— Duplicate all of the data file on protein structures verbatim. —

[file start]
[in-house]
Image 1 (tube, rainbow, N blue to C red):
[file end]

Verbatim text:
[in-house]
Image 1 (tube, rainbow, N blue to C red):